Time and fate deities are personifications of time, often in the sense of human lifetime and human fate, in polytheistic religions. In monotheism, Time can still be personified, like Father Time.
A goddess is a female deity. In many known cultures, goddesses are often linked with literal or metaphorical pregnancy or imagined feminine roles associated with how women and girls are perceived or expected to behave. This includes themes of spinning, weaving, beauty, love, sexuality, motherhood, domesticity, creativity, and fertility. Many major goddesses are also associated with magic, war, strategy, hunting, farming, wisdom, fate, earth, sky, power, laws, justice, and more. Some themes, such as discord or disease, which are considered negative within their cultural contexts also are found associated with some goddesses. There are as many differently described and understood goddesses as there are male, shapeshifting, or neuter gods.
The Norns are deities in Norse mythology responsible for shaping the course of human destinies.
In ancient Greek religion and mythology, the Moirai —often known in English as the Fates—were the personifications of destiny. They were three sisters: Clotho, Lachesis and Atropos. Their Roman equivalent was the Parcae.
Laima is a Baltic goddess of fate. She was associated with childbirth, marriage, and death; she was also the patron of pregnant women. Laima and her functions are similar to the Hindu goddess Lakshmi.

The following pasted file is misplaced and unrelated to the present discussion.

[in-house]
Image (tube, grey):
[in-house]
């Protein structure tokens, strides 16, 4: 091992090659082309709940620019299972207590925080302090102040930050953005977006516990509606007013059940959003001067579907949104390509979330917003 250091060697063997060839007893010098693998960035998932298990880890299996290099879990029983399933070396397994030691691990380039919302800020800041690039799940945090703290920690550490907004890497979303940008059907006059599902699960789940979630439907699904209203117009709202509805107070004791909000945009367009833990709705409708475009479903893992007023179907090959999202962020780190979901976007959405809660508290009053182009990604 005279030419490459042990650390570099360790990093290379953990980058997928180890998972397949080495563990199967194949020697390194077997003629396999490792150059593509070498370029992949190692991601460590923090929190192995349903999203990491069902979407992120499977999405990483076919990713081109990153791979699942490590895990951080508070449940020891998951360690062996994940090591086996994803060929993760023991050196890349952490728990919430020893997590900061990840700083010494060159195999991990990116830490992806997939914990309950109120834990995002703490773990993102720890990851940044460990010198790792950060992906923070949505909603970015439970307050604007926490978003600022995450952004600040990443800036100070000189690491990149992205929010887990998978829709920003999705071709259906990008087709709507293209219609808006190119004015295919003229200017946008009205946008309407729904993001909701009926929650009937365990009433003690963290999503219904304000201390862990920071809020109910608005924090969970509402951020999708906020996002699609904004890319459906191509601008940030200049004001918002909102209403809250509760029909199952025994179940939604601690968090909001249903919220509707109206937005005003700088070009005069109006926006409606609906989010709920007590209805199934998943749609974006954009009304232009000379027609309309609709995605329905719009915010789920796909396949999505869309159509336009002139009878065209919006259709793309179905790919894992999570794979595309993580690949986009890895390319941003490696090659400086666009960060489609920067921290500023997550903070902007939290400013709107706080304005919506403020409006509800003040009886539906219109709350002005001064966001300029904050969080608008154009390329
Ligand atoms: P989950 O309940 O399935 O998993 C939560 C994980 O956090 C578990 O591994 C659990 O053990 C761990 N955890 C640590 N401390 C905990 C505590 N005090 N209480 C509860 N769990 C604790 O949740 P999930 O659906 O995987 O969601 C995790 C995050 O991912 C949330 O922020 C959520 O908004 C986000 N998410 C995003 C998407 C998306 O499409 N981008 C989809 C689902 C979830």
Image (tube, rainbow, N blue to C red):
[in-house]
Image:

Wyrd is a concept in Anglo-Saxon culture roughly corresponding to fate or personal destiny. The word is ancestral to Modern English weird, whose meaning has drifted towards an adjectival use with a more general sense of "supernatural" or "uncanny", or simply "unexpected".
Proto-Indo-European mythology is the body of myths and deities associated with the Proto-Indo-Europeans, the hypothetical speakers of the reconstructed Proto-Indo-European language. Although the mythological motifs are not directly attested – since Proto-Indo-European speakers lived in preliterate societies – scholars of comparative mythology have reconstructed details from inherited similarities found among Indo-European languages, based on the assumption that parts of the Proto-Indo-Europeans' original belief systems survived in the daughter traditions.
Hittite mythology and Hittite religion were the religious beliefs and practices of the Hittites, who created an empire centered in what is now Turkey from c. 1600–1180 BC.
The Fates are a common motif in European polytheism, most frequently represented as a trio of goddesses. The Fates shape the destiny of each human, often expressed in textile metaphors such as spinning fibers into yarn, or weaving threads on a loom. The trio are generally conceived of as sisters and are often given the names Clotho, Lachesis, and Atropos, which are the names of the Moirai, the version of the Fates who appear in Greek mythology. These divine figures are often artistically depicted as beautiful maidens with consideration to their serious responsibility: the life of mortals. Poets, on the other hand, typically express the Fates as ugly and unwavering, representing the gravity of their role within the mythological and human worlds.
A weather god or goddess, also frequently known as a storm god or goddess, is a deity in mythology associated with weather phenomena such as thunder, snow, lightning, rain, wind, storms, tornadoes, and hurricanes. Should they only be in charge of one feature of a storm, they will be called after that attribute, such as a rain god or a lightning/thunder god. This singular attribute might then be emphasized more than the generic, all-encompassing term "storm god", though with thunder/lightning gods, the two terms seem interchangeable. They feature commonly in polytheistic religions, especially in Proto-Indo-European ones.
A dawn god or goddess is a deity in a polytheistic religious tradition who is in some sense associated with the dawn. These deities show some relation with the morning, the beginning of the day, and, in some cases, become syncretized with similar solar deities.